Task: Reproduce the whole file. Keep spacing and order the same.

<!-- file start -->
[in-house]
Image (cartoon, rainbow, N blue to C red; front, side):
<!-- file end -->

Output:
[in-house]
Image (cartoon, rainbow, N blue to C red; front, side):